Behold the chikkinizer! In a world powered by applied chikkin technologies, the Chikkin Koop Corporation invented this remarkable piece of machinery to combat a potential world wide chikkin shortage. Throw just about any ingredient in this device – cows, camels, zombies – and produce, that’s right, chikkin! You are a lowly employee of the Chikkin Koop Corporation and it is your job to collect these ingredients and deposit them in the machine. Co-workers getting you in a flap? Dump them in too, because they all make mighty good chikkin!
Fluster Cluck is cute twin-stick shooter. Fly your Chikkin Koop Corporation employee around in a little flying saucer, trap cows and camels in your tractor beam and get them into the chikkinizer before another employee shoots you and either steals your ingredient, dumps you in the chikkinizer, or both. The single player experience isn’t particularly attractive. The controls are clunky, slow and awkward and the AI players have annoyingly accurate firepower. I felt weirdly incapable of performing the simplest of manoeuvres. My cows were dropping everywhere and no matter how much I pressed the trigger button, I couldn’t seem to blow up a single co-worker (common problems in everyday life, I find) It was even suggested that maybe I had the controller upside down. I didn’t, but I strongly suspect it would have improved things.
Fluster Cluck is certainly a colourful game. The bright cartoon graphics put me in mind of The Last Tinker, a beautiful game also produced by Loot Entertainment. Unfortunately, though, where The Last Tinker was a gorgeous game clearly made with a lot of love, Fluster Cluck feels cheap and rushed. It’s a massive shame. While the opening cut scenes are humorous and the whole premise has a wickedly twisted sense of humour, gameplay falls very short of expectations. The slow manoeuvring and constant cow-dropping grows very old very very fast. Also extremely peculiar, I often seemed to run out of ingredients. Not a camel in sight! The only thing left to concentrate on was shooting the AIs and dragging them into the chikkinizer, but this soon proved to be an arduous task. It’s impossible to tell if your shots are hitting the spot, and the AIs either zoom off leaving you trundling awkwardly in their wake or they’ll blast you at point blank range and dump you straight in chikkinizer, no ketchup required.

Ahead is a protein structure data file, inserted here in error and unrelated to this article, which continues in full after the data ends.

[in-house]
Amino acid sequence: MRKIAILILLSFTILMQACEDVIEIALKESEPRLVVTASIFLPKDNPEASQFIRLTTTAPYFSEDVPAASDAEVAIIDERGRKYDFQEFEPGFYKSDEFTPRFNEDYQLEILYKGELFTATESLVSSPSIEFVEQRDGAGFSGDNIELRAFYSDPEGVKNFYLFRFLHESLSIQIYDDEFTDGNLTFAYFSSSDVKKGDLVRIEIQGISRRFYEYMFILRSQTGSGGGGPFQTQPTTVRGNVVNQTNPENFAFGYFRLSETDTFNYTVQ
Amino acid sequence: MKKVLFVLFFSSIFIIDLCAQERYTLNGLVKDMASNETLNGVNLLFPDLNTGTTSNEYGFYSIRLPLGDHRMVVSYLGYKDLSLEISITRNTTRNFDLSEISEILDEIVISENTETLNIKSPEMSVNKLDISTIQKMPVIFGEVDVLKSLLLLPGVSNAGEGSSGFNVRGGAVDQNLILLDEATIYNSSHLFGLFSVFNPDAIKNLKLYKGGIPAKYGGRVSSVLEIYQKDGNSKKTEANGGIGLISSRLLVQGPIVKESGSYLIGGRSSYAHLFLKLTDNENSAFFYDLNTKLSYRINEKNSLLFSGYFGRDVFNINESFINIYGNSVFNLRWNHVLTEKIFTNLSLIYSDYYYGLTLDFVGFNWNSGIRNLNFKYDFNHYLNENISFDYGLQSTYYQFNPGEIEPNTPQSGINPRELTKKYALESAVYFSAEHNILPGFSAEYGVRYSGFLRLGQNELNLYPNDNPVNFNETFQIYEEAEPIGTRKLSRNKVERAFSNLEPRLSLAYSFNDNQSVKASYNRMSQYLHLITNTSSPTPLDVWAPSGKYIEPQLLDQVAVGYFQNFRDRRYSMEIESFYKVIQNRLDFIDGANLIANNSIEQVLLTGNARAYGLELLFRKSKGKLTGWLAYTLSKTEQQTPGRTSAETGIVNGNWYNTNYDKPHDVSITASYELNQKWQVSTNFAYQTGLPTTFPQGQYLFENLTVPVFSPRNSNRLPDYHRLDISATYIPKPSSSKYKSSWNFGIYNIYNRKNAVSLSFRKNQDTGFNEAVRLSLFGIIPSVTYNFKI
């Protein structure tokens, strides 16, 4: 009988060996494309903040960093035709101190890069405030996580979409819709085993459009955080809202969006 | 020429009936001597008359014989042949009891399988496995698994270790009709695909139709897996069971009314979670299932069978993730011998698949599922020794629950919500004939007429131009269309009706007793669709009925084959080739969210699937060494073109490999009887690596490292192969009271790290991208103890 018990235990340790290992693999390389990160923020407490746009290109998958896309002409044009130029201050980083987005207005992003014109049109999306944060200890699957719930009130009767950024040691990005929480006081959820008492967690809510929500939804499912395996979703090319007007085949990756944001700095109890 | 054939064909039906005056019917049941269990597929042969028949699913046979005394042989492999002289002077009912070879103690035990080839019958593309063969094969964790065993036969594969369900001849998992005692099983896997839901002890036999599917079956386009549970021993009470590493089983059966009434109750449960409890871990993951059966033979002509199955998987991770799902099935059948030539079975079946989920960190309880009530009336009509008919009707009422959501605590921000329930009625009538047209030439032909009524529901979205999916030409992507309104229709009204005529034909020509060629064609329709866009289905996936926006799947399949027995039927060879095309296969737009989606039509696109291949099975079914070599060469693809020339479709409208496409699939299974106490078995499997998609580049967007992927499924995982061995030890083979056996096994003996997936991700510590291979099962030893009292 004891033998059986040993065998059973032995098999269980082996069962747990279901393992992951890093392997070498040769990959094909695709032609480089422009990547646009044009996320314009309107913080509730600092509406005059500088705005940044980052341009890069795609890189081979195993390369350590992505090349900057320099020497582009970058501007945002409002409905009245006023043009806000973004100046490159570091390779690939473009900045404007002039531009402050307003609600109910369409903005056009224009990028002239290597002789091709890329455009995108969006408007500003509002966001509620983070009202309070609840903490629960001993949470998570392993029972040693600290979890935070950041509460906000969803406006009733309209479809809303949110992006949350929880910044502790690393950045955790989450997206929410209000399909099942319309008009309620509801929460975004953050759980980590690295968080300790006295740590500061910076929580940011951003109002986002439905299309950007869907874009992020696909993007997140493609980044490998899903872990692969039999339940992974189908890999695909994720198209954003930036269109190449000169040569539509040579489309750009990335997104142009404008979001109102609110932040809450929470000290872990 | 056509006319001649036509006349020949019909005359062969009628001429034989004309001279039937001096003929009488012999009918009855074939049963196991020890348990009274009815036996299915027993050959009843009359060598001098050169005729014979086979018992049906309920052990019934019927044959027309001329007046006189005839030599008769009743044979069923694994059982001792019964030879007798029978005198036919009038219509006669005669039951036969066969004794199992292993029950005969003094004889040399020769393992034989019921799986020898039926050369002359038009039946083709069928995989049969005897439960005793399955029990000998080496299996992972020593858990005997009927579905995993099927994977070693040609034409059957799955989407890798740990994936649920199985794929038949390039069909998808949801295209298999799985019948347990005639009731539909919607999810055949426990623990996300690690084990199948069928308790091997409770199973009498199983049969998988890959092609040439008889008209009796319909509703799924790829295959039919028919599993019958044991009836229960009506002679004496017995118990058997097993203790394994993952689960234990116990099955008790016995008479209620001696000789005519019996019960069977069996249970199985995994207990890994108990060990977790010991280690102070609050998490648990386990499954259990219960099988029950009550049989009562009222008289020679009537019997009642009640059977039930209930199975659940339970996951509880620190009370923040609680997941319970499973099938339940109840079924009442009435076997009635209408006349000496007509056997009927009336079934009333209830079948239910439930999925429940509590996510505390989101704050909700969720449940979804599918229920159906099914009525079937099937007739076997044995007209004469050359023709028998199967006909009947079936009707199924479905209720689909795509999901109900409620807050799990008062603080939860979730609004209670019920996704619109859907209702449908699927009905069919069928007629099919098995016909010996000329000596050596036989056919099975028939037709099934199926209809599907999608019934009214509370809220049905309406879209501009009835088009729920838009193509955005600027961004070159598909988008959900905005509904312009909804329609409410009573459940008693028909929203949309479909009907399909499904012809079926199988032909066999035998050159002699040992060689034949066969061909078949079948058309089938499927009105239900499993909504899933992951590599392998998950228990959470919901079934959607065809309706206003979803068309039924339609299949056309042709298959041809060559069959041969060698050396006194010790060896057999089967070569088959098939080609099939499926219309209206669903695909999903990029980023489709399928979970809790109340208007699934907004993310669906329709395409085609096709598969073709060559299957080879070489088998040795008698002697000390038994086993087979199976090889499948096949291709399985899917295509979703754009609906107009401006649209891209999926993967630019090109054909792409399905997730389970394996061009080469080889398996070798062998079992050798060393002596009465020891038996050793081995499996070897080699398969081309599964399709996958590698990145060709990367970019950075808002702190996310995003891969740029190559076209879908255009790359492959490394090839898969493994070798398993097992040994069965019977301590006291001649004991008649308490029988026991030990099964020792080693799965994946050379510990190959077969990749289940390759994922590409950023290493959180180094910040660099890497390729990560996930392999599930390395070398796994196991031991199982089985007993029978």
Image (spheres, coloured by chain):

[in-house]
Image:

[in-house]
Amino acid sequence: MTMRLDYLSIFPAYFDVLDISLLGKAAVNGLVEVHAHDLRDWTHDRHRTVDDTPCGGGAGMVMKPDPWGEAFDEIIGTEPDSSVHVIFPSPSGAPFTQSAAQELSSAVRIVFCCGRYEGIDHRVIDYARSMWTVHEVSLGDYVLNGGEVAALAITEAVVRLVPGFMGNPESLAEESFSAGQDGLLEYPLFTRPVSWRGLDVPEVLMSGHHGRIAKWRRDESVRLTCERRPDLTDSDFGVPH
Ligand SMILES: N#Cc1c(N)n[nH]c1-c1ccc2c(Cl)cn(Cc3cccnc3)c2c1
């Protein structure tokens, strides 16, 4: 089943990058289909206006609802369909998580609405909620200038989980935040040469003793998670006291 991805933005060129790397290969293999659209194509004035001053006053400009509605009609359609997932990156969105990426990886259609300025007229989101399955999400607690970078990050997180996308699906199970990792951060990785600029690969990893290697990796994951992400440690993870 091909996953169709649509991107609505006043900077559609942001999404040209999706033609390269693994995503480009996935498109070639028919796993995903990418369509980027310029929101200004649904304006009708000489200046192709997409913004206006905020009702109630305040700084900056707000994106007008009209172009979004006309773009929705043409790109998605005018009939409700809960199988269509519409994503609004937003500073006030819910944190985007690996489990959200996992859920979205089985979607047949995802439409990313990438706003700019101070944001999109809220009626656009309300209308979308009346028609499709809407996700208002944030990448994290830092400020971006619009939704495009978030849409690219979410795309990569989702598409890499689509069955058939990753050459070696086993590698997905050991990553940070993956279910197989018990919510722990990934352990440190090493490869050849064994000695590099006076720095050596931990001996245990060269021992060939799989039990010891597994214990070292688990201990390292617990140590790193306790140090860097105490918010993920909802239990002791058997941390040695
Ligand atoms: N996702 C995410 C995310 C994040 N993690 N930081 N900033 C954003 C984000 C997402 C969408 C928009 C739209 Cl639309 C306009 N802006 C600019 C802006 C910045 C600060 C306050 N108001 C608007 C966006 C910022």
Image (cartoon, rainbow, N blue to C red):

The single player battle mode is almost identical to the campaign mode in its eventual tedium, but I’m convinced the fun is to be found in the local multiplayer experience. Get four very young children together, with no AI and plenty of sugary drinks and there’s some giggles to be had. The awkward controls are no longer an issue when all players have the same handicap. Wobble around that battleground and drop as many cows as you like. Despite the hilariously rude title and the fact that you’re dropping live animals into a machine and turning them into another live animal, Fluster Cluck seems to be aimed more at rugrats than us big people. It’s cute, bright and silly with no gore, violence or bad language. Perfect for small ones who don’t mind a bit of repetition.
With Fluster Cluck hampered by so many control and AI problems, the game can be difficult and progression frustrating. There is a severe lack of variety throughout the levels and having to repeat them becomes a slow grind. Multiplayer is the game’s saving Grace, and then perhaps only if you’re six years old. With so many exceptional indie games now on the PS4, developers really need to hit us with their best. Fluster Cluck, unfortunately, is a bit of a turkey.
What could have been an awesome little game, is tainted by lacklustre controls and an absence of variety. Uninteresting and awkward gameplay and a battleground that is often empty of anything to do except shoot at an AI that seems impossible to hit, this game is going straight in the chikkinizer. Six-piece bargain bucket, please.
S J Hollis Rating 4/10